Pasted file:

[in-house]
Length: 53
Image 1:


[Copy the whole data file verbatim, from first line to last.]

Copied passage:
[in-house]
Length: 53
Image 1: